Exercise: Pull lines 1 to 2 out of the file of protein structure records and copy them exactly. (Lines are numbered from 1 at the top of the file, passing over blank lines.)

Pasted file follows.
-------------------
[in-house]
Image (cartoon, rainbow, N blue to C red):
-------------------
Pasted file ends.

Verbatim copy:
[in-house]
Image (cartoon, rainbow, N blue to C red):